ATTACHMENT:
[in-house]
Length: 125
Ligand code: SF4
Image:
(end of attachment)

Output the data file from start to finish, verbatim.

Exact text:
[in-house]
Length: 125
Ligand code: SF4
Image: